You only have to walk through any shopping centre in the UK on a Saturday or sit on a beach during the summer to be struck by the increasingly worrying phenomenon of obesity amongst adults and particularly amongst children. An international study finds that half of British men will be obese by 2030 and 4 in 10 women. In 2004 the parliamentary Health Select Committee submitted its report on obesity to Government. Its recommendations centre largely on better education, collaboration with the food industry, easier access to good food, persuasive promotion, better advice and help to people diagnosed as morbidly obese. The need for the report had been recognised. We were travelling headlong into becoming a nation of obese people and all the attendant difficulties that flow from it.
The concluding recommendation was that the Government should be prepared to act more forcibly should voluntary agreements fail. They have failed but still there is no sign of the Government being more direct. The latest report has been met with very mixed feelings with many people directly involved with the issue saying that more has to done and others saying that a such things as a “Fat Tax” will never work.
In Finland they began tackling this problem many years ago. They promoted assertive Government action with a collaborative food industry but perhaps the biggest influence was that Finnish politicians were less concerned about being accused of a “nanny state” than ours. It seems that our Government runs shy of such accusations, clearly because they feel it will not produce the right results at the ballot box. Meanwhile the number of people in the UK suffering from diabetes has risen by 50% in the last five years, fuelled by soaring levels of obesity. Three million adults and children now have the condition. 90% of those have type two which can be caused by being overweight. The NHS spends 10% of its budget on diabetes and its complications, which amounts to £9billion a year or £1million an hour!. Care at this level cannot be sustained given the rapid annual increases. Action must be taken now.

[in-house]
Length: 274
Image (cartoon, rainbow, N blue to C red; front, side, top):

Partnership working with voluntary and commercial organisations is vital if we are to change behaviour. Clearly the report of 2004 has done nothing to halt the rapidly increasing health crisis. It is therefore tempting to conclude that our future as a nation is an obese one. However, that is defeatist. If we all agree that something new and more dynamic has to happen then what?
I will begin the debate by suggesting that
1) Politicians need to be brave enough to be more prescriptive about the controls that government exercise over junk food
2) All trans-fats ( which the really dangerous ones apparently) in food need to be replaced with healthier alternatives
3) planning regulations should prevent over provision of fast food outlets in any one area.
No doubt many of you have views on this topic - let us hear them.